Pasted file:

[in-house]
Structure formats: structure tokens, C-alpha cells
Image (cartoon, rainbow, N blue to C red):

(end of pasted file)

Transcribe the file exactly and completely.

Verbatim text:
[in-house]
Structure formats: structure tokens, C-alpha cells
Image (cartoon, rainbow, N blue to C red):